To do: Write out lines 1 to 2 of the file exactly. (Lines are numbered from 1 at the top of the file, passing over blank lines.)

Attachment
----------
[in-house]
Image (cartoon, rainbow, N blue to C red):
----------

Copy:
[in-house]
Image (cartoon, rainbow, N blue to C red):